Almost two decades after he was gunned down on a Medellín rooftop, Colombia’s most notorious villain is being resurrected on national television. Pablo Escobar — the bloody and lavish drug lord who swamped the world with cocaine and left thousands of bodies in his wake — is getting his own biopic.
Since May 28, Colombia’s Caracol television has been showing its new series, Pablo Escobar: The Boss of Evil
, to record-breaking audiences. Telemundo plans to broadcast the show, some of which was shot in Miami, in the United States later this year.
In a country awash in narco-novelas that glamorize the bloody exploits of fictional drug dons, Boss of Evil
aims to be something different. The two creators of the show know Escobar’s violence firsthand.
Juana Uribe, Caracol’s vice president for programming, wrote and produced the series. Her mother, reporter Maruja Pachón, was kidnapped by Escobar. She later told her story to Nobel Laureate Gabriel García Márquez who used it in News of a Kidnapping
. Uribe’s uncle, presidential candidate Luis Carlos Galán, was murdered by the cartel. Her co-producer on the project is Camilo Cano, who was 20 years old when Escobar’s henchmen killed his father, the crusading director of El Espectador newspaper.
“We wanted to show the victims of this conflict and for the public to understand that there were brave people who stood up to the cartel, that these people also have stories worth telling,” Cano told The Miami Herald. “We’ve never been able to tell this story in Colombia, because in the midst of all the pain and trauma we never had a moment to step back and analyze the situation.”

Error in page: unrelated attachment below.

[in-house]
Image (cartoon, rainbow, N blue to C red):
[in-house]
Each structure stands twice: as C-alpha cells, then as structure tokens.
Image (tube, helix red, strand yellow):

In Cano’s case, he wanted to tell the story of his father, Guillermo Cano, the editor of one of Colombia’s leading newspapers who tried to raise the alarm about Escobar and his cronies. The scathing articles eventually drew the drug lord’s ire, and Cano was killed just days before Christmas in 1986, when his car was booby-trapped to explode.
Despite the satisfaction of sharing his father’s story to a new generation, the process was painful, Cano said.
“You can understand how difficult it might be to revive your father just to kill him again,” Cano said. “There was nothing cathartic about this.”
Based on the book La Parabola de Pablo
by Alonso Salazar, the show traces Escobar’s rise from small-time thug and cigarette trafficker to becoming one of the richest and most powerful men in the hemisphere — traipsing through Miami, winning a seat in Congress, and famously offering to pay off Colombia’s foreign debt to avoid extradition to the United States. Along the way, Escobar’s largess — he built thousands of homes for Medellín’s poor — made him a Robin Hood figure to many.
But the producers say the show will highlight Escobar the sociopath: the man who ordered an Avianca airliner with 110 people on board to be blown up in hopes, it was said, of killing presidential candidate César Gaviria, who missed the flight.
Escobar tortured, kidnapped and maimed those who got in his way. Almost 1,000 policemen were killed after he put a bounty on their heads, Semana magazine reported. In all, Escobar is thought to be linked to some 5,000 murders.